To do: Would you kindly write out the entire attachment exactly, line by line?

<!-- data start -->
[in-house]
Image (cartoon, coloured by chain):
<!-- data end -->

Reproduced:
[in-house]
Image (cartoon, coloured by chain):